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IMAGINARY WORLDS

Amazon is gunning for HBO’s cult fantasy crown

Helen Sloan/courtesy of HBO
“You come at the king, you best not miss.”
  • Ashley Rodriguez
By Ashley Rodriguez

Reporter

This article is more than 2 years old.

Amazon appears to be taking the mandate from CEO Jeff Bezos to find its answer to Game of Thrones quite literally. With the HBO series bowing out in 2019, Amazon Studios is placing bets all over the genre in an attempt to seize the cult fantasy throne.

The tech giant ordered a series adaptation of the best-selling fantasy epic The Wheel of Time this week. Like Game of Thrones, the book series is admired for its remarkably rich and detailed world. Amazon has also inked deals with the king of contemporary cult fantasy, author Neil Gaiman, and Game of Thrones writer Bryan Cogman to create series exclusively for Amazon Prime.

Amazon isn’t stopping there. It’s slated to release a genre-bending, fantasy-noir miniseries called Carnival Row next year, starring Orlando Bloom and Cara Delevingne. It’s also developing a show based on Stephen King’s fantasy-Western franchise, The Dark Tower, which is expected to reboot the awful film released by Sony last year. And, then there’s that Lord of the Rings prequel series based on the works of J.R.R. Tolkien that Amazon reportedly spent as much $250 million on the TV rights for.

HBO ignited a fanbase unlike almost anything else in modern TV with Game of Thrones and its fantastical cocktail of blood, sex, intrigue, and dragons. Bezos has reportedly pushed his company’s own studio to land a TV hit that could snowball into kind of global phenomenon Game of Thrones has become.

Amazon squandered its early rise in streaming video with series that achieved critical acclaim but never gained mass appeal, such as Transparent and Mozart in the Jungle. Since then, it’s gone after projects that have large and passionate niche audiences, which the fantasy genre is known for. And the fantasy genre is known for rich lores than can be spun into sprawling franchises, like the Wizarding World of Harry Potter. For Amazon, it doesn’t hurt that hardcore fans tend to buy merchandise, too.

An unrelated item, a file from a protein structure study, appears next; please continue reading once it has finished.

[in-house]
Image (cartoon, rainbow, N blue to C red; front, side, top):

Amazon isn’t the only one vying to fill the fantasy void that will be left when Game of Thrones ends, as the New York Post pointed out. Netflix is developing projects around The Chronicles of Narnia and the fantasy-action video game The Witcher. And HBO, not to be outdone, is moving forward with a Game of Thrones prequel series, one of five potential spinoff projects in the works tied to the George R.R. Martin franchise.

But Amazon, under the new leadership of Amazon Studios head Jennifer Salke (previously president of NBC Entertainment) seems to be willing to try anything from optioning books, signing creators, and ordering straight-to-series projects to ensure it comes out on top.

The Lord of the Rings series, which Amazon recently hired writers for, is undoubtedly the most promising fantasy prospect. It’s rumored to star a younger Aragorn, a Tolkien character fans know well from related books and movies, before his adventures in Lord of the Rings. It would be wise choice. As Quartz’s Adam Epstein noted, Aragorn has a lot in common with Jon Snow, one of the leads in Game of Thrones, and probably inspired the character. Salke confirmed in a recent interview with Deadline that the show would feature familiar characters, but did not reveal which. She described the show as “one, big series.” It’s likely still a few years out, though.

In the meantime, Gaiman could be a real asset in building up Amazon’s fantasy credibility. The author, who has no shortage of material to work with, has a unique knack for translating his works to screens big and small, as well as a thriving and passionate fanbase. His novels Stardust, Coraline, and American Gods have alreadybeen turned into movies or TV shows, and the series Lucifer is based on his work.

None of those Gaiman projects were breakaway hits, however: Lucifer was recently dropped by US TV network Fox because viewership was lukewarm. But Netflix rescued the series after seeing fans cry out on social media. Gaiman’s perfect home could a be streaming platform like Amazon Prime that has the deep pockets to bring his imaginary worlds to life, and doesn’t care as much about ratings and box-office figures as hype and critical acclaim. Amazon is releasing a mini-series next year based on Good Omens, one of Gaiman’s beloved novels, co-written with another beloved fantasy author, Terry Pratchett.

And thus Amazon’s fantasy quest begins.

Want a better understanding Amazon and other streaming giants? Check out our guide to the streaming-TV wars

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